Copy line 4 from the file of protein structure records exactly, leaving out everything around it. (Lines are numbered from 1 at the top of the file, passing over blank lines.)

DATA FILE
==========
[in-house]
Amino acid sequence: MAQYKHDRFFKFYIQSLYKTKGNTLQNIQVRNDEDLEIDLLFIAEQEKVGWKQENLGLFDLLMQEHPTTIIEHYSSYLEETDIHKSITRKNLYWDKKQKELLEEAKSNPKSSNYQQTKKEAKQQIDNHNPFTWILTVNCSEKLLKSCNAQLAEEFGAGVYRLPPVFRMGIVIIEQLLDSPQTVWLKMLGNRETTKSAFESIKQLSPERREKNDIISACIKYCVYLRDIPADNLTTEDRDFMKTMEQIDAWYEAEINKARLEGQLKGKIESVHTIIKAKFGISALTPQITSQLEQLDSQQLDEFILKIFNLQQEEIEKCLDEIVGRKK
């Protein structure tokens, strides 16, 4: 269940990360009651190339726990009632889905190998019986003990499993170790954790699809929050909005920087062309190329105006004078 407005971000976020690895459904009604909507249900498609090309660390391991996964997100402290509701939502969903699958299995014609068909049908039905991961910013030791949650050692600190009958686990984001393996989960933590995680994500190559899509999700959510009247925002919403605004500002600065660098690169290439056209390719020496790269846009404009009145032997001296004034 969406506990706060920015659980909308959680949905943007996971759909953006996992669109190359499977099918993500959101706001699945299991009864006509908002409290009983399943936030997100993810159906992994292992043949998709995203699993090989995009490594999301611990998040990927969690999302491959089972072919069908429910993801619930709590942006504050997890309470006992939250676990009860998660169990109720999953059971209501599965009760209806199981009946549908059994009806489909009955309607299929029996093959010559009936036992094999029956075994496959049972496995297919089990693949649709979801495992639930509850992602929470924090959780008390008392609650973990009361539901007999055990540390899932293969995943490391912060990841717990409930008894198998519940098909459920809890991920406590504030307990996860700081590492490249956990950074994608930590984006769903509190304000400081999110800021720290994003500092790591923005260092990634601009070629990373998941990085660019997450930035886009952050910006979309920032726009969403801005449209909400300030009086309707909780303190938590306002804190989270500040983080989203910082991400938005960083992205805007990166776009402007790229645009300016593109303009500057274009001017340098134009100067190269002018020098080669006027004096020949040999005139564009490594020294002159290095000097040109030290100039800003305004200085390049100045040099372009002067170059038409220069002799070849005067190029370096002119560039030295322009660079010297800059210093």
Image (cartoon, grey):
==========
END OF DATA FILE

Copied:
Image (cartoon, grey):